Most significantly, Ryan confessed that he used a .22 caliber revolver to shoot Eskridge. This was corroborated by the recovery of a .22 caliber slug from Eskridge's body. Ryan also told the police that he hid the gun after he shot the victim, a point confirmed when Ryan led the police to Euron Matthew's house and showed the police where a .22 caliber weapon was hidden. This evidence in particular appears to corroborate Ryan's confession since it demonstrates Ryan's knowledge of the location of the putative murder weapon, knowledge that arguably would have been specific to the murderer. See Earnest, 87 F.3d at 1132 (stating that declarant's description of where murder weapon was hidden was corroborating evidence which supported statement's reliability); Silverstein, 732 F.2d at 1347 (stating that evidence that was merely consistent with declarant's statement was not clearly corroborative since it did not show that statement contained facts only the murderer would know). Moreover, there is reason to question the contradictory evidence offered by Marrs and Unger. Both witnesses initially stated that petitioner's brother, Anthony, was the shooter, only later positively identifying petitioner as the guilty party. Both witnesses admitted that petitioner and his cousin were standing on the ground floor, side-by-side in the dark, while they were upstairs in Marrs' apartment. Neither witness saw petitioner pull out the gun, although Marrs testified that she saw petitioner raise his arm, and then a flash when the gun was fired. Further, both the petitioner and Ryan were wearing long black coats -- petitioner had on a black Raiders Starter jacket that came to his knees, while Ryan had on a black trench coat. Unger testified that the shooter was wearing a "long trench coat like." Finally, when Marrs and Unger were asked to identify the shooter at the crime scene, they were only offered petitioner and his brother Anthony as possible choices. Ryan was not presented as an option. We find that Ryan's unique knowledge of the type and location of the murder weapon, combined with the witness accounts that the shot was fired in the dark by someone wearing a long black coat from the ground floor constitutes evidence which meets the Chambers corroboration requirement.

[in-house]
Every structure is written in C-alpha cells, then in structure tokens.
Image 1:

The state court seemed to mistakenly assume that if any evidence inconsistent with the confession existed, then there was no corroboration under Chambers. That is not the correct test. That formulation inverts the evidentiary burden by requiring the defendant at trial to absolutely corroborate the declarant's entire statement, instead of merely requiring the defendant to show some evidence in support of the allegations contained in the confession. See Barrett, 539 F.2d at 253 (finding that the corroboration requirement in Federal Rule 804(b)(3) did not impose a standard so strict as to be "utterly unrealistic," but instead required evidence beyond "minimal corroboration," which solidly indicated trustworthiness); see also Commonwealth v. Drew, 397 Mass. 65, 489 N.E.2d 1233, 1241 (Mass. 1986). The corroboration requirement under Rule 804(b)(3) has been held to be a "preliminary question as to the admissibility of evidence, not an ultimate determination as to the weight to be given such evidence." Garcia, 986 F.2d at 1141. The judge "does not need to be completely convinced that exculpatory statements are true prior to their admission." Id. The fact that there were eyewitnesses who contradicted Ryan's account of events does not mean Ryan's confession was uncorroborated; rather, the existence of contradictory witnesses merely demonstrates a factual conflict that must ultimately be resolved by the trier of fact. See Rivera, 915 F.2d at 282 (stating that it begs the question of reliability to assume that one witness' version of events is correct and that any contrary evidence is thus unreliable).